by Darius Kazemi, April 12 2019

In 2019 I'm reading one RFC a day in chronological order starting from the very first one. More on this project here. There is a table of contents for all my RFC posts.

The Glitch Cleaning Committee

RFC-102 is titled “Output of the Host/Host Protocol Glitch Cleaning Committee”. Its primary author is Steve Crocker in his role as Chairman of said committee. It's dated February 22-23, 1971.

A business note: my ten-month Mozilla Fellowship has supported this project up until now, but that has ended. If you like what I'm doing here, please consider supporting me via my Patreon.

The technical content

This committee was formed just a week before at the Urbana NWG meeting to tackle different Host-Host protocol issues, including:

  1. Echo
  2. Message type
  3. Interrupts
  4. Marking and/or padding
  5. Half duplex vs. full duplex communication during initial socket connection

I've discussed all of thes topics here before, and message types and marking/padding have had multiple RFCs devoted to them. So they're all pretty contentious issues.

The RFC is mercifully short and is truly focused on “output”, meaning the agreements that everyone came to about these problems.

Some unresolved issues remain, too.


Okay first of all: Glitch Cleaning Committee! What a cool name.

This meeting has been described (see “Further reading” section below) as the final settlement of the Host/Host protocol, which has been in flux for almost two years at this point, since RFC-1.

Also, this RFC mentions that the interrupt character on the PDP-10 is control+c, which if you're a programmer or just a command line terminal user you've probably encountered and perhaps use on a daily basis. I don't know if the PDP-10 is the originator of control+c to interrupt a program but that's pretty neat anyway.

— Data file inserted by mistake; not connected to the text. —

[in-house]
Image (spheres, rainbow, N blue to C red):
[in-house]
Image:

Further reading

The ARPANET Completion Report describes the meeting of this committee:

At a NWG meeting held in mid-February 1971 at the University of Illinois, a subcommittee was appointed to look at the host-to-host protocol to see what changes were immediately desirable or necessary. This subcommittee went directly from Illinois to Cambridge, Massachusetts, where it met for two days, wrote an interim report, and then reconvened a month later in Los Angeles. It appears that with the efforts of this committee (known as the “host-to-host protocol glitch cleaning committee”) the design of the ARPANET host-to-host protocol was finally coming close to being settled.

So people flew from the Illinois meeting described in RFC-101 straight to Cambridge for this meeting! Anyway, this report is a 200 page document prepared in January 1978 to sum up the whole decade of the ARPANET project. There's lots of good stuff in there.

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About me

I'm Darius Kazemi. I'm an independent technologist and artist. I do a lot of work on the decentralized web with both ActivityPub and the Dat Project. You can support my work via my Patreon.